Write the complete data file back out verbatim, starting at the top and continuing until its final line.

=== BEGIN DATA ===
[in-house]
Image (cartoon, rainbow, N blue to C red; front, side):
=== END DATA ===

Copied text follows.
[in-house]
Image (cartoon, rainbow, N blue to C red; front, side):